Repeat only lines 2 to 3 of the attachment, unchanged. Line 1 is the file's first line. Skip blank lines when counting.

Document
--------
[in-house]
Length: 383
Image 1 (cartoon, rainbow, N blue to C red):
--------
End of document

Length: 383
Image 1 (cartoon, rainbow, N blue to C red):